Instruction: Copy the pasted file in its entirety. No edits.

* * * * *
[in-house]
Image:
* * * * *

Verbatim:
[in-house]
Image: